Speeding up Selecta in Vim


I like using Selecta as a fuzzy file opener in Vim. It doesn’t do any caching, so I never have to remember to flush the cache after generating a migration in Rails.

The downside is that if you work on a larger project, it can get kinda pokey. Selecta’s Vim functionality relies on find to populate the file list. If we tell find to ignore directories, it gets a lot faster. Here’s how many files the default find command returns.

><((°> find . -type f | wc -l

That’s a lot! Let’s see if we can cut it down. I’m using a pretty typical Rails project as an example.

><((°> ls
Gemfile           README.md         coverage          spec
Gemfile.lock      Rakefile          db                tmp
Guardfile         app               lib               vendor
Procfile          bin               log
Procfile.dev      config            public
Procfile.jobs.dev config.ru         script

Logfiles are handy, but I never open them in Vim. If I need to see something, I’ll tail it in the terminal. I also don’t care about tmp. We’ll exclude hidden directories too, just for good measure. Let’s cut those out of the find command.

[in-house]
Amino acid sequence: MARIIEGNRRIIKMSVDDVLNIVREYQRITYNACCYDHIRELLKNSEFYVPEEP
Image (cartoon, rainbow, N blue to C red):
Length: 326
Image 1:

find . \( -path ./log -o -path ./tmp -o -path './.*' \) -prune -o -type f -print | wc -l

Woah! We just excluded 10,865 files! That oughta speed things up a bit. But first I’ll slow down and explain the command.

Now we just have to put it in our config. Here’s what the old Vim mapping looked like:

nnoremap <leader>f :call SelectaCommand("find * -type f", "", ":e")<cr>

Here’s the new one:

let find_cmd = "find . \( -path ./log -o -path ./tmp -o -path './.*' \) "
           \ . "-prune -o -type f -print"
nnoremap <leader>t :call SelectaCommand(find_cmd, "", ":e")<cr>

This is also an example of how to set a variable and concatinate a string in VimL.

Now, this isn’t totally optimal. I’d like to set up some directories that Selecta should ignore on a per-project basis. But it’ll do for now.

Also, Vim isn’t the only place that Selecta is useful! You can use it any place that you can pipe input into a command. This post has a bunch of other nifty examples.

© 2021 JamesGecko